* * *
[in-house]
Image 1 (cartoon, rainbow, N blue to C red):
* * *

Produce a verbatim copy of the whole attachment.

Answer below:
[in-house]
Image 1 (cartoon, rainbow, N blue to C red):